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Jewish Journal

Calendar February 8-14

by Laura Donney

February 5, 2014 | 10:36 am

SAT | FEB 8

YIDDISH ART TRIO

A clarinetist, an accordionist and a bassist walk into a temple — but there is no punch line here, just a great concert. Michael Winograd, Patrick Farrell and Benjy Fox-Rosen are three of the top klezmer musicians out there, and they have a new song cycle based on the master poet and songwriter Mordechai Gebirtig. “Two Worlds (Tscey Veltn)” combines traditional and new genres with the literary excellence of Gebirtig, whose experience of Poland before and during World War II makes for moving music. With a performance at the Kennedy Center recently under its belt, the Trio is primed for our humble little town. Sat. 7:30 p.m. $10. Wilshire Boulevard Temple, Erika J. Glazer Family Campus, 3663 Wilshire, Blvd., Los Angeles. (213) 835-2198. yiddishkayt.org.


SUN | FEB 9

“THE STRENGTH TO TELL”

The Ma’aleh School of Television, Film, and the Arts presents Noam Demsky’s documentary about art’s power to reform, which follows at-risk Jerusalem teens who, as a part of a therapeutic program, create a play about the Eichmann trial. Demsky chronicles the relationships cultivated between these young people and the Shoah survivors they meet along the way. Named the Best Zionist Film of 2013 by Israel’s Minister of Culture, the documentary honors the power of unity over division. There will be a Q-and-A with Demsky following the screening. Sun. 11 a.m. $10 (general), $5 (student). American Jewish University, 15600 Mulholland Drive, Bel-Air. (310) 476-9777. aju.edu.

“CITIES OF LIGHT”

Want to visit Berlin, Warsaw, Paris and Tel Aviv all in one sitting? Want to go back in time to do it? Great. Expanding on the Jewish elements of “Cabaret,” this show follows the witty and talented Katarina Waldorf as she flees Hitler’s Germany to find the cities that still welcome Jews, and perhaps just as importantly, how they express themselves. Featuring wonderful little-known songs, “Cities” takes us on an important journey of an important history. Sun. 4 p.m. $30. American Jewish University, 15600 Mulholland Drive, Bel-Air. (310) 476-9777. aju.edu.


TUE | FEB 11

“THE OUTSIDE CHANCE OF MAXIMILIAN GLICK”

Coming of age is rarely easy, but it’s especially tricky when you happen to be a young Jewish boy in Manitoba, Canada, and you happen to fall in love with a Christian girl. With the help of the new rabbi in town, Max tries to reconcile his demanding parents with figuring out who he is and what he wants. Written by Phil Savath and Morley Torgov and directed by Allan A. Goldstein, the film features Saul Rubinek, Jan Rubes and Noam Zylberman. Tue. 1:30 p.m. Free. Skirball Cultural Center, 2701 N. Sepulveda Blvd., Los Angeles. (310) 440-4500. skirball.org.

“FLIRT:” A READING AND DISCUSSION

In Noah Blaustein’s first collection of poems, there is something for everyone. Inhabiting different voices for different poems, Blaustein’s written word spans a whole life. From adolescence to fatherhood, from romance to grief, the poet brings craft to the complicated gray areas in which we spend our time — sometimes struggling, sometimes thriving. Sprinkled with wit and anxiety, the collection can be both tender and neurotic — and if you’re not feeling one, you’re likely feeling the other. Tue. 4 p.m. Free. Pepperdine University, 24255 Pacific Coast Hwy, Malibu. (310) 506-4000. pepperdine.edu.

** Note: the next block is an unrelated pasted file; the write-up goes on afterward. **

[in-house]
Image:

THU | FEB 13

“THE MARRIAGE ACT: THE RISK I TOOK TO KEEP MY BEST FRIEND IN AMERICA, AND WHAT IT TAUGHT US ABOUT LOVE”

With St. Valentine looming overhead, we’re due for a non-traditional version of love. Author and The New York Times contributor Liza Monroy details her walk down the aisle in an effort to save her best friend. Emir had tried every legal recourse, but securing himself a green card just wasn’t happening. Returning to a homophobic Middle East, though, wasn’t an option. Enter Liza, her Jewish mother who works as a State Department immigration officer and wedding bells. Monroy writes with humor and compassion as she shares a story almost too dramatic to believe. The kicker: It’s all true.  Thur. 7 p.m. Free. Book Soup, 8818 W. Sunset Blvd., West Hollywood. (310) 659-3110. booksoup.com.

“LOVE, MATHEMATICS, AND THE ‘X FILES’ ”

“The X-Files” co-creator Chris Carter is in conversation with Edward Frenkel — one of the 21st century’s leading mathematicians. Working on one of the biggest math ideas in 50 years — the Langlands Program — Frenkel, in his autobiography, reveals a side of math filled with all the metaphysical beauty, elegance and spirit of a work of art. Discover how the things you just thought were numbers might carry a charge of love. Thur. 7:15 p.m. Free. Reservation required. Mark Taper Auditorium-Central Library, 630 W. 5th St., Los Angeles. (213) 228-7500. lfla.org.


FRI | FEB 14

JEREMY HOTZ

Happy kvetching! This veteran comic is standing up so you can fall out of your chair laughing. He was awarded Best Male Stand-Up 2009, was honored with the Dave Broadfoot Comic Genius Award, won Best International Performer at the Sydney Comedy Festival—and that’s just in the last five years! He’s worked with Jon Stewart, David Letterman and Jay Leno and has had a triumphant run in Canada with his “Oh What a Miserable Tour This Is…” tour. The point is: He’s funny, and he’s nearby. Fri. 8 p.m. $20. Hollywood Improv, 8162 Melrose Ave., Hollywood. (323) 651-2583. hollywood.improv.com.

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